Are the methods used in dressage cruel for horses?

Dressage, defined by World Equine UK, is an advanced form of riding that tests the horse and rider performing difficult manoeuvres based around a horse’s natural movements. It tests their accuracy, together with the horse’s physical ability, suppleness, responsiveness, balance and obedience. Dressage has been likened to horse gymnastics and ballet.

There has been speculation in recent years as to whether certain aspects of dressage riding are unethical and cruel. In 2010, footage emerged of a horse’s tongue lolling out and going blue (dubbed blue-tongue scandal) after performing the rollkur technique, and the storm created by this has rumbled on ever since. Rollkur is a sustained period of hyperflexion on the horse’s neck, where its nose almost touches its chest.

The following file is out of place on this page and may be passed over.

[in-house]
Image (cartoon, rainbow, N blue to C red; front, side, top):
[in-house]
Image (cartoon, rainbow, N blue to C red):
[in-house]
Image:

Prominent dressage trainer and rollkur critic, Lady Sylvia Loch, referred to it as a cruel method of psychological torture, but its proponents believe is a valuable tool to improve a horse’s suppleness.

In 2010, the International Federation for Equestrian Sports banned the use of rollkur during warm-up sessions at competitions, and four years later, the Swiss government outlawed rollkur completely.

This video will ask a handful of amateur riders for their thoughts on rollkur and whether they’ve ever seen it in used.

 

 

 

 

 

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